Correction - Checked the Antenna Relay Box again and found that it is correct and original. The relay contacts are actually for grounding the antenna inputs when Break-In is actuated.

photo above: The gearbox after cleaning out all of the dried grease. The tuning knob has a built-in slip-clutch that's adjusted by the four recessed screws in the flutes of the knob (two screws are visible in the photo.) Behind the knob is the motor-drive clutch that is engaged when the motor drive switch is turned. This pushes down the lever which pivots against the adjustable standoff to the right and presses the clutch in which then drives the gears for motor tuning. Manual tuning is accomplished with the tuning knob and runs the gear train if the motor drive clutch is disengaged (that is, receiver not in "motor drive.") The tuning knob does "spin" while motor drive tuning.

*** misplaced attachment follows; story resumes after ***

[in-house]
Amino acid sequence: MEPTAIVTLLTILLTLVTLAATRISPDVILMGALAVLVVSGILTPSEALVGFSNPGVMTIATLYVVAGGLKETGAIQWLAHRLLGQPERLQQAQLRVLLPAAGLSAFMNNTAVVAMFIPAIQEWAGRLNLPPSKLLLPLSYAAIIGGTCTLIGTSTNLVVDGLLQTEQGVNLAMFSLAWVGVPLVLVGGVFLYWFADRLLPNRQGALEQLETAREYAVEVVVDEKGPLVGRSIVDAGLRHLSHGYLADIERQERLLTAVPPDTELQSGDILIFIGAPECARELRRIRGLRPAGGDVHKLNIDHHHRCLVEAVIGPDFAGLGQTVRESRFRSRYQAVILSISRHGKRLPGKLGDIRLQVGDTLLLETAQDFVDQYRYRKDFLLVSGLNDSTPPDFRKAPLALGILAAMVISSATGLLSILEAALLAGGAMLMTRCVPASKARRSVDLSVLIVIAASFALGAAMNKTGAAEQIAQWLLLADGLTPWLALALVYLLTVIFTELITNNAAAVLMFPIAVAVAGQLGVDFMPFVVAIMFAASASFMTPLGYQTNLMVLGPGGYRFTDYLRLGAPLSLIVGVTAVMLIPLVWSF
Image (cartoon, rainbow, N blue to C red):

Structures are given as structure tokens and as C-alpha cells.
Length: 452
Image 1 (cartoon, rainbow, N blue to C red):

April 5, 2018 - The B+ fuse mod had actually broken the side terminal off of the DC 20A fuse holder. I had to remove the TC (tinned-copper) wire and the large gauge stranded wire from the to rear terminal in order to remove the broken fuse holder. I located a duplicate of original, good condition, original fuse holder to install.

April 6, 2018 - Removed all wires from non-original connections. Cleaned, straightened and re-tinned all lead ends. Installed DC 20A fuse holder and connected and soldered original wires. Re-wired B+ fuse to now have the original connection to the HV rectifier output. Cleaned all "mod writing" off of the back panel using WD-40 and "Goof-Off." This completed mod removal on the Main Frame.